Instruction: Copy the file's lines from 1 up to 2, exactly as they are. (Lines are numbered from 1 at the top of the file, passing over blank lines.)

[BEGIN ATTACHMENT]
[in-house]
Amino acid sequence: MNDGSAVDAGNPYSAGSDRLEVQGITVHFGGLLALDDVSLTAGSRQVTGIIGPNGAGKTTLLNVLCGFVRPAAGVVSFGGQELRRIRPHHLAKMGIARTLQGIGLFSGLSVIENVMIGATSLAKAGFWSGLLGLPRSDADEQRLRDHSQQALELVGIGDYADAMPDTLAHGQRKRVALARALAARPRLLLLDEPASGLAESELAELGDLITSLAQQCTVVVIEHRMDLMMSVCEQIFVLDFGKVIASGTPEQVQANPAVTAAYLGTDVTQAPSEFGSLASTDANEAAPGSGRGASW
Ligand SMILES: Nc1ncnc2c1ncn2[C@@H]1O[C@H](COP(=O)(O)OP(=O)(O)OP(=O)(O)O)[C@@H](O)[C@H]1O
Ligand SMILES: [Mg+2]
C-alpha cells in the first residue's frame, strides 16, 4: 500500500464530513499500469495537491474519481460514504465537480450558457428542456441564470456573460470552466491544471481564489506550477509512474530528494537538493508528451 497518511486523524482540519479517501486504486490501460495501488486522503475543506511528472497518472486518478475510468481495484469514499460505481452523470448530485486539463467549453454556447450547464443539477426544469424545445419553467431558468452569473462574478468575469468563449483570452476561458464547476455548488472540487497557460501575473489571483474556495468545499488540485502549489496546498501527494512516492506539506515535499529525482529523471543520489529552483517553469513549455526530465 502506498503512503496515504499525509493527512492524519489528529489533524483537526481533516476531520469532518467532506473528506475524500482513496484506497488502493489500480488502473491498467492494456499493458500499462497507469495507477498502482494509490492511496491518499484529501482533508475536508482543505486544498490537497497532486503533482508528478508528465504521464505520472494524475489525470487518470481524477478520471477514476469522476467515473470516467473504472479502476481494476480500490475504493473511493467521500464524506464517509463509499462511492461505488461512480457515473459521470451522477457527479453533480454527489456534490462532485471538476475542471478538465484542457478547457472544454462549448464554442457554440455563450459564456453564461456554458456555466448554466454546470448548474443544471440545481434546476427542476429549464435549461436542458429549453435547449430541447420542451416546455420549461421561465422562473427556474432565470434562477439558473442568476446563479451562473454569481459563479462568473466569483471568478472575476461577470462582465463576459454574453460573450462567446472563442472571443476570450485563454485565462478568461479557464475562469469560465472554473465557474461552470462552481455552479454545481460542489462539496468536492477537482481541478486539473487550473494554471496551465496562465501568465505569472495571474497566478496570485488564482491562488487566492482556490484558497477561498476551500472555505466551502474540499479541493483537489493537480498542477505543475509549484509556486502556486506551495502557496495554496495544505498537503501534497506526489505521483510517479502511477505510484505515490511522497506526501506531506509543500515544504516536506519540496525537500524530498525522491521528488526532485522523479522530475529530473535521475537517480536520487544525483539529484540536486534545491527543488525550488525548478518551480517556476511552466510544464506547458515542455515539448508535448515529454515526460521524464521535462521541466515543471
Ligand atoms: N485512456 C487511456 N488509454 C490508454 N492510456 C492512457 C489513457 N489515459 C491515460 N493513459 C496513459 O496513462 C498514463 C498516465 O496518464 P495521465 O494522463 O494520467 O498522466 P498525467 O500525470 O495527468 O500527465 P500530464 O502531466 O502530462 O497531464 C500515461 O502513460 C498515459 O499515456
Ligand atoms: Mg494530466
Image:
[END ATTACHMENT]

[in-house]
Amino acid sequence: MNDGSAVDAGNPYSAGSDRLEVQGITVHFGGLLALDDVSLTAGSRQVTGIIGPNGAGKTTLLNVLCGFVRPAAGVVSFGGQELRRIRPHHLAKMGIARTLQGIGLFSGLSVIENVMIGATSLAKAGFWSGLLGLPRSDADEQRLRDHSQQALELVGIGDYADAMPDTLAHGQRKRVALARALAARPRLLLLDEPASGLAESELAELGDLITSLAQQCTVVVIEHRMDLMMSVCEQIFVLDFGKVIASGTPEQVQANPAVTAAYLGTDVTQAPSEFGSLASTDANEAAPGSGRGASW